Homeland Security

Convicted Al-Shabaab Terrorist Rearrested in Texas for ISIS Support and Sharing Bomb-Making Instructions With Inmates

Mohamed Ibrahim Ahmed, a 43-year-old Eritrean man sentenced to federal prison in 2013 for traveling to Somalia and fighting for Al-Shabaab, was rearrested earlier this week. At the time, he was being released from prison on charges of supporting ISIS.

That’s when new charges of attempting to provide services and support to ISIS were unsealed, according to The Examiner.

The assistant U.S. attorney for Eastern Texas asked a local court to continue to hold Ahmed upon his release from federal custody on Monday, and asked that he be held without bail by U.S. Marshals as he is a flight risk, according to the report.

The new charges include material support for terrorism and lying to investigators.

Ahmed was sentenced to 111 months in prison in March 2013 for providing material support to Al-Shabaab, the Somali terror group, and for receiving terror training from the same. He had left Sweden, where he was a legal resident, and traveled to Somalia in April 2009 to join Al-Shabaab.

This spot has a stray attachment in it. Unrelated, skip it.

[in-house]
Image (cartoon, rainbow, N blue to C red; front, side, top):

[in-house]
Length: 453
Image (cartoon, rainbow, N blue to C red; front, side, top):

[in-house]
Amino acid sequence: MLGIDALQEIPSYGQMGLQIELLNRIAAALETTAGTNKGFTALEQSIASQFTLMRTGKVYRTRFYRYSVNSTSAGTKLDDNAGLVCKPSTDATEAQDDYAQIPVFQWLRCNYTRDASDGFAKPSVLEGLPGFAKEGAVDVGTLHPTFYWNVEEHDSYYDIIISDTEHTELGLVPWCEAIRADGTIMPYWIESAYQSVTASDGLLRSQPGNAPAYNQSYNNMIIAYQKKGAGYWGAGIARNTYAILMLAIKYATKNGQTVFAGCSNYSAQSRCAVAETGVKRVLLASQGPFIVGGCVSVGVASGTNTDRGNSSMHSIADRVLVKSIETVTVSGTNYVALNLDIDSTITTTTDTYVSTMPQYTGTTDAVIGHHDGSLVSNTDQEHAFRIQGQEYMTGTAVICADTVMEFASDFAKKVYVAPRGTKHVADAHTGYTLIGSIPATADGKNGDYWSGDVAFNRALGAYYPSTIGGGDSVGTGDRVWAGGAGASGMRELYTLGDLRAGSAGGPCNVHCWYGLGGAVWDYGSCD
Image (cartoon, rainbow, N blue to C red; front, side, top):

According to the earlier indictment, Ahmed gave Al-Shabaab officials money, purchased weapons, and received training on making bombs. Federal prosecutors said that — while at a terror training camp near Barawa, Somalia — Ahmed was given instructions on “the preparation and/or assembly of: silver fulminate; urea nitrate; ammonium nitrate; acetone peroxide; a TNT oxidation mechanism in a nitric-sulfuric acid mixture; a bomb detonator; and different types of bomb fuses.”

Among the new charges against Ahmed is that he passed along this knowledge to other inmates. Also, Ahmed lied to investigators about the extent of his knowledge, despite the findings regarding his bomb-making skills from the earlier case.

Ahmed was captured in Nigeria in November 2009, and brought to the U.S. for trial in March 2010. At the time of his arrest, he had documents detailing bomb-making instructions.

According to a U.S. Attorney’s Office press release at the time of his March 2013 sentencing, Ahmed was supposed to be deported after the conclusion of his prison term.

At his sentencing Ahmed said that he had no animosity for the United States, the New York Times reported. His attorneys filed a memorandum with the court claiming that, “[f]or Mr. Ahmed, the fight is over. He poses no threat to society, and will not re-offend.”

That apparently was not the case.

A hearing on the new charges was scheduled to occur later this week.